Pages 100-102, transcribed by Carolyn Ward from History of Allen and Woodson Counties, Kansas: embellished with portraits of well known people of these counties, with biographies of our representative citizens, cuts of public buildings and a map of each county / Edited and Compiled by L. Wallace Duncan and Chas. F. Scott. Iola Registers, Printers and Binders, Iola, Kan.: 1901; 894 p., [36] leaves of plates: ill., ports.; includes index.




LEONARD B. PEARSON.—It is a well attested maxim that the greatness of a state lies not in its machinery of government, nor even in its institutions, but in the sterling qualities of its individual citizens, in their capacity for high and unselfish effort and their devotion to the public good. The goal toward which he has hastened during his many years of toil and endeavor is that which is attained only by such as have by patriotism and wise counsel given the world an impetus toward the good; such have gained the right and title to have their names enduringly inscribed on the bright pages of history.

Leonard B. Pearson, who is interested in agricultural pursuits in Allen County, his home being in Salem township, was born July 2, 1832, in Jefferson county, New York, and traces his ancestry back to one of the old Quaker families of Connecticut. In 1637 John Pearson was driven from England on account of his religious belief. He landed at Lynn, Massachusetts, and shortly afterward went to Rowley, Massachusetts, where he established the first fulling mills in America. Several families of the Pearsons also came from England to escape the Quaker persecution at about the same time and settled in the Penn colony. The early Pearsons inter-married with the families of Cowdrys, Fosters, Dexters, Morrows and Kendalls. Edward, the grandfather of our subject, was a farmer. Two of his maternal uncles, Harmon, were soldiers in the Revolutionary war. One was killed in the battle of Cowpens. Edward Pearson had four sons and four daughters: Austin was born in 181 and died a few years ago in New York, leaving a family; Leonard, who made his home in Jefferson county, New York, also passed away a few years ago, survived by his family; Ira, the father of our subject; Edward, the youngest brother, died in Tiffin, Ohio, leaving two children. Of the sisters, Hattie was born in 1793, Sally was born in 1794, Almira was born in 1797 and Anna was born in 1806. All have now passed away.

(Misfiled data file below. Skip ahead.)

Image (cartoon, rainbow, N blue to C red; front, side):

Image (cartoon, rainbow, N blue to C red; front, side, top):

Ira Pearson, the father of our subject, was a native of Otsego county, New York. His birth occurred October 11, 1799. At the age of twenty-four he was united in marriage to Eliza Ann Harmon who became the mother of five sons and two daughters. The father was a Democrat in early life, but on account of his opposition to slavery he became a staunch Abolitionist. He and Cortez Overton and Chas. Dickey wrote their ballots


and marched in line to vote for Birney for president, when to be an Abolitionist was to incur ridicule. When sixty-four years of age Ira Pearson offered his services in the defense of Washington, but on account of his advanced years he was not received as a member of the army. Charles Edwin Pearson, his eldest son, was born September 2, 1826. During the Civil war he joined the Union army and was killed in the battle of Gettysburg while faithfully serving his country. Adelia, the second child, was born March 8, 1828, and died unmarried; Leonard B.; Lydia E. was born November 15, 1834, and resides with her brother Leonard. Horatio C. was born November 28, 1837, and fell in the second battle of Bull Run August 30, 1862. Albert and Alfred, twins, were born March 22, 1841. The former was wounded and captured at the second battle of Bull Run, but was again with his regiment at Gettysburg. Soon afterward he returned home broken down in health by his experiences in a Confederate prison. Alfred died in 1874 at his home in Downer's Grove, Illinois.